A smaller group of users on the forums believe the installation of Snow Leopard is to blame, though many others are quick to point out that these problems have existed long before Snow Leopard.

Those arguing against faulty hardware as the underlying cause point to the fact that a wide variety of Macs and drives are affected. Supporters of a software-based theory are also usually convinced that their specific problems began only after a major software update (though there’s no consensus regarding which update might have caused the problem). A common argument is that it’s possible a faulty update could have lowered the operating system’s tolerance to dirt or dust on a disc.

Another user argued in support of a software cause when he found he was unable to mount a disc on his Mac even when using an external optical drive. When he moved the same external drive to a Windows machine, it worked fine.

As both symptoms and the arrival of the symptoms seem to vary, the efforts to pinpoint a single underlying cause haven’t gotten far.

Solutions Offered — Despite ongoing debate over the causes of the problems, many solutions have been proposed. Below is a list of fixes suggested by forum users, all of which offer unpredictable degrees of success or failure.

  • Purchase and employ a DVD/CD drive cleaning disc. These discs are designed to remove dirt, dust, and static buildup from your optical drive. Alas, most users who tried this solution found that the cleaning disc would be ejected before it could do any good.
  • Use a can of compressed air to blow inside your computer’s optical disc slot and clear away any built-up dust. While several users found this solution helpful, others claimed it didn’t eliminate the problem, and at least one user found it actually made the problem worse – rendering him unable to insert a disc at all.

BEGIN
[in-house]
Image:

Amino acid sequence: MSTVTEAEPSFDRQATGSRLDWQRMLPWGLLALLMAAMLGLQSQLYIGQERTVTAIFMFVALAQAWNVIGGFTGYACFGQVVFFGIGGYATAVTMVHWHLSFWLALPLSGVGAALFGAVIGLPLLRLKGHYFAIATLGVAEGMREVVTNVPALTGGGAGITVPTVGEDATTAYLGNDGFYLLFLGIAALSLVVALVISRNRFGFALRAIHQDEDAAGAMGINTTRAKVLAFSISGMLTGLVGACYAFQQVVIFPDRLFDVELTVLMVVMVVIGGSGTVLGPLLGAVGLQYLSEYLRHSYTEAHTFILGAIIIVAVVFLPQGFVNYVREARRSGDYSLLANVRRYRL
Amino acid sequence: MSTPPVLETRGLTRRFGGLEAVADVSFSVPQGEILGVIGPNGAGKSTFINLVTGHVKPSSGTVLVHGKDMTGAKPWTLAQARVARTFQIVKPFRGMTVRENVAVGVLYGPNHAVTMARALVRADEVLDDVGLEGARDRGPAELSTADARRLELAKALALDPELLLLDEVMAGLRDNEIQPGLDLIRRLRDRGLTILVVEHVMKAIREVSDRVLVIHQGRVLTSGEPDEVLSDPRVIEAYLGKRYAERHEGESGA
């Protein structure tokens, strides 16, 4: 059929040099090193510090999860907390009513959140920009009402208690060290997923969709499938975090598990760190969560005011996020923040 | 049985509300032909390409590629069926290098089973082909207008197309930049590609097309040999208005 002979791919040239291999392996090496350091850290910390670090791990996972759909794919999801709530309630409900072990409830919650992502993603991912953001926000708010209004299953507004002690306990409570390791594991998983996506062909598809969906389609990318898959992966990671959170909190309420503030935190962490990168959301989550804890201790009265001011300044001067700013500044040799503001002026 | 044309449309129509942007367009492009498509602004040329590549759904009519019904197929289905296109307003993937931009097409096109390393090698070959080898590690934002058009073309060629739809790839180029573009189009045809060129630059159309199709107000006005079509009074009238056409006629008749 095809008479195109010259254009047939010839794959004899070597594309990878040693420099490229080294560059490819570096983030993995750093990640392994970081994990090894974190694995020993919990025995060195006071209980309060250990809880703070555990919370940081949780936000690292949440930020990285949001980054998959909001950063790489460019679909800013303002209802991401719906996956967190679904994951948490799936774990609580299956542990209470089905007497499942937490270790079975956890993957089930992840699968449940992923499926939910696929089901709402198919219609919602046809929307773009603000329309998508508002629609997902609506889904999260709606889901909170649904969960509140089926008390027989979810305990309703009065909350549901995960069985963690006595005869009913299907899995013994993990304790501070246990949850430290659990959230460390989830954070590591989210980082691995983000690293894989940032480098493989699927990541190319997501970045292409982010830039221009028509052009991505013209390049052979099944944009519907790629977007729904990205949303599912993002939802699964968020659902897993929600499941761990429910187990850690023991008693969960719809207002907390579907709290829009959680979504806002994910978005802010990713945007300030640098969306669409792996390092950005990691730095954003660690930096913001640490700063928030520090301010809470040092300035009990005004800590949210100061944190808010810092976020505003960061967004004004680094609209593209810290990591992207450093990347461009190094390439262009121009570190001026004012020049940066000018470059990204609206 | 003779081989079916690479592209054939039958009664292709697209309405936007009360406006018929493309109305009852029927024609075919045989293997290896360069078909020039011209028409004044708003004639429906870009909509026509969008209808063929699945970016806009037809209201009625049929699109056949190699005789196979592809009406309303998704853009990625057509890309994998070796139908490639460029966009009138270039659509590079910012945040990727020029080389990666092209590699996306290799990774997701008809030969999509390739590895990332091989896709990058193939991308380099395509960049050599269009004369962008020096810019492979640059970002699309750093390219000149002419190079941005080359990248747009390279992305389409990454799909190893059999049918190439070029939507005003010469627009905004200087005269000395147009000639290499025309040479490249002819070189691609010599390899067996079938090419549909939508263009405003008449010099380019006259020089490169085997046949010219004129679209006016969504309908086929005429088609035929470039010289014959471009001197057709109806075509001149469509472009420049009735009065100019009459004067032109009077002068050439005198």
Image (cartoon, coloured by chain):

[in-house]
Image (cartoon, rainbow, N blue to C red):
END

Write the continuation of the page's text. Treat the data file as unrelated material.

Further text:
• One user recommended tapping right above the disc drive as it begins to slow down its reading prior to ejecting the disc. While this one user swore by this solution, others found it had no effect and, frustrated, suggested that tapping with a hammer might relieve more stress.
  • Several users found that repairing permissions in Disk Utility and resetting PRAM/NVRAM cleared up their issues, though many others said this produced no positive effect for them.
  • One user, whose discs weren’t being ejected but instead simply weren’t mounting, found success by changing the default system behavior for when a disc is inserted in the CDs & DVDs pane of System Preferences.
  • Several users said that opening Disk Utility prior to inserting a disc solved their problem, though again, success with this solution wasn’t widespread.
  • Most – but not all – users who had their SuperDrives replaced – either under warranty from Apple, by paying out-of-warranty fees to Apple, or by doing it themselves – found their problems went away. Some reported needing multiple replacements or even a logic board replacement before the problem disappeared.
  • For users whose machines are out of warranty, buying an external optical drive is a cheaper option than replacing the internal drive. Though, as mentioned above, at least some users found that they were unable to read discs even when using an external drive.

Summary — While the symptoms and solutions for these issues vary widely, they all revolve around the SuperDrive. If you are experiencing issues similar to the ones described above, consider adding your experiences to the ongoing forum thread linked at the start of this article or contacting Apple (either online, or by working with an Apple Genius at a retail store) to voice your concerns. We’ll continue to monitor this issue, and we hope that Apple will take steps to correct it.